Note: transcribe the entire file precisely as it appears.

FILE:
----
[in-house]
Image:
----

[in-house]
Image: